Director: Michael Winterbottom
Cast: Russell Brand
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What do you think of Russell Brand? Your answer to that will most likely determine your reaction to his documentary, The Emperor’s New Clothes.
The film is a spiked examination of the UK economy and the aftermath of the 2008 banking crisis. Those three words have become background noise to our society, accepted by the many to excuse the actions of a few. And, Brand argues, we’re not the ones benefitting. “The rich are getting richer,” he tells us. “Everyone else is struggling.”
It’s not hard to identify with the parade of average Joes and Janes that goes across the screen. Brand turns to his hometown of Grays in Essex to show us hard-working people, who have faced cuts and austerity to fund bailouts for bonus-paying banks. One is a single mum who worries her daughter cannot afford to get a university education. Another is a cleaner, who gets up at 5am to wipe the windows of an Oxford Street department store but doesn’t earn a Living Wage. It would now take 300 years for the average cleaner, cleaning the offices of his senior boss, to earn the same salary taken home by the same boss last year, we are told.
Numbers flash up on the screen every few minutes – along with words such as “bonus” and “equality” – to illustrate his message. It’s not always clear where the statistics come from, which weakens the point, but the overall message is hard to deny. According to Oxfam, the richest 80 people in the world own as much as the poorest 3.5 billion.
“The rich have got richer,” Russell reminds us, a mantra he repeats, alongside carefully echoed shots of people wiping shiny office windows.
Other illustrations are less successful: a trip to a primary school to ask small children to hold up gold bars representing the world’s distribution of wealth (“Is it fair?” “No!”) feels slightly more calculated than cute. But Brand is an effusive, infectious bringer of bad news; we are treated to a string of sequences where he charms the pants off the common public. Even the security guards at HSBC and other big banks, which he visits in what feels like a British remake of Capitalism: A Love Story, can’t help but crack a smile. Then he door-steps the owner of The Daily Mail, Lord Rothermere, over his tiny tax bill. He’s like a hairier Michael Moore.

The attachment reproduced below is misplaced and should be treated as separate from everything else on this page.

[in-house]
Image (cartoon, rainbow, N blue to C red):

Russell unleashes his relentless tirade – which links the current problems back to Reaganomics and Thatcher – with conviction, not to mention his signature strand of brash, self-deprecating humour (he admits to his own wealth when the subject of tax comes up). Behind the camera, British cinema stalwart Michael Winterbottom assembles the assault of information superbly, ramping up the illustrations of inequality with rage-inducing precision. If by the end of the movie you aren’t angry, you haven’t been paying attention.
That’s the only weakness of the movie: that, because of its presenter, the reaction of many will simply be not to pay attention. (Applause rang out for his preaching at limited cinema screenings, which would have been filled with the converted.) But Russell Brand’s commitment to activism is commendably sincere – we witness his campaigning alongside residents of London’s New Era housing estate last year – and, crucially, is enough to inspire engagement among a young generation who, more often than not, detach from politics. Brand’s conclusion predictably calls for revolution rather than participation in democracy, but the 90 minutes preceding it are a challenging call to action in the run-up to May’s general election. Put aside your gut reaction to Russell: whether you fancy the tight-trousered comedian or wish he’d eff off, this is passionate film-making with a point that feels both urgent and important.
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